Will JavaScript type annotations kill TypeScript?
The creators of Svelte and Turbo 8 both dropped TS recently saying that "it's not worth it".
Yes: If JavaScript gets type annotations then there's no reason for TypeScript to exist.
No: TypeScript remains the best language for structuring large enterprise applications.
TBD: The existing user base and its corpensource owner means that TypeScript isn’t likely to reach EOL without a putting up a fight.
I hope they both die. I mean, if you really need strong types in the browser then you could leverage WASM and use a real programming language.
I don’t know and I don’t care.
DevOps / Platform Engineering / Software Development

High-Performing DevOps Teams Build Self-Service Platforms

Top-performing DevOps teams are much more likely than other organizations to use internal developer platforms, said Humanitec's new study. But those companies make up only 6% of the landscape.
Mar 29th, 2023 4:00am by and
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Fast and effective DevOps teams use internal developer platforms, but does platform engineering actually make organizations perform better? Humanitec’s 2023 DevOps study provides new data, that with the right context can provide some clarity into the relatively new world of platform engineering.

According to the study, just 16% said that developer self-service is enabled by internal platform tooling like an internal developer platform (IDP) that a platform team builds for the rest of the organization. Half of the top or high-performing organizations in the study had something like an IDP, compared to 3% among all other organizations. According to the study, these organizations have the following practices in place:

  • Its platform team provides developer self-service platform or other tooling, such as an internal developer platform (50%).
  • It manages application configurations in a standardized way across all of its applications (67%).
  • It can deploy new code on demand (49%).
  • Its devs can bootstrap an application in less than two hours (43%), independently.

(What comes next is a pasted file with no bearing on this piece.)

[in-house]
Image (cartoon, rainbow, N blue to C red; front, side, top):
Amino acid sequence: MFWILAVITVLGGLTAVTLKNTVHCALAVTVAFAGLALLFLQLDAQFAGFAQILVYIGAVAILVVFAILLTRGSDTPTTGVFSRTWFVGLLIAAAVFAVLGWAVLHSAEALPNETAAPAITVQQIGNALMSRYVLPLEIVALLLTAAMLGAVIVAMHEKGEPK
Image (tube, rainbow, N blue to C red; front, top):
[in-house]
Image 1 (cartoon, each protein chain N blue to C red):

The researchers surveyed 1,053 teams around the globe, of which 19% were in DevOps, site reliability engineering, or platform engineering roles; another 29% identified as engineers or developers. The answers were scored again the four DORA metrics (deployment frequency, change lead time, change failure rate, and service production restoration time) to create four segments (top, high, medium and low performing).

Just 6% fell into the top-performing segment; 20% are high performing, while the remaining fall into the medium- (44%) or low-performing (30%) groups.

Yet, both the latest State of DevOps reports from both Perforce's Puppet and Google's DevOps team found that breaking out an elite or "top" group was not justified, based on a statistical method called cluster analysis. To help you better benchmark your organization versus your peers, we recalculated Humanitec's findings to focus on what a combined top- and high-performing segment looks like.

‘Broken DevOps’ Setups

Humanitec's questionnaire appears to have unintentionally conflated self-service developer platforms, and the ability of DevOps teams to build a Platform as a Service (PaaS) replacement. This makes it difficult for us to know exactly what the impact of an IDP is on software delivery performance metrics.

  • While only 5% use a PaaS-like solution, that figure may be influenced by the wording of the survey question, which tells the respondent that this type of PaaS has problems with scaling and configuration.
  • Meanwhile, 16% of organizations have a platform team that builds an internal PaaS that enables developer self-service.
  • "Platform team" is likely just the new name for what DevOps engineers have been doing for years. In fact, 80% of the study are relying on either developers or operations teams to do DevOps tasks. The way the questions were worded,  all developers who handle their own infrastructure provisioning are assumed to be overwhelmed. Furthermore, there is an assumption that anytime an operations engineer or team executes DevOps tasks, this results in developers being dependent on Ops.

If you take the results at face value, then most organizations are struggling because they have only superficially embraced a DevOps culture. Yet, when we look at specific characteristics, we see a dramatic difference between the top/high-performing organizations and everyone else, mostly centered on developer time.

  • Ninety percent of respondents working at top- or high-performing organizations said someone on their team can autonomously deploy to development or staging environments, as compared to 44% of medium- and 17% of low-performing organizations.
  • Seventy-one percent of top- and high-performing organizations need less than a day to move from a code commit to deployment into production, as compared to 44% of medium and 17% of low-performing organizations.
  • Among organizations with an IDP, 71% have the ability to deploy on demand—  or at least several times a day — while 49% of all the organizations surveyed can do that.

There is a strong correlation between developer self-serve platforms and DORA performance because there is a wide variation in development frequency and lead time needed to make changes. The immediacy of the ability to make changes is correlated with all four of the DORA metrics, but in particular "lead time" from making a commit to deploying that into production.

While the meantime restoring an application to its previous state may improve because of this type of platform engineering, the jury is still out on whether or not it dramatically decreases the rate in which changes fail.

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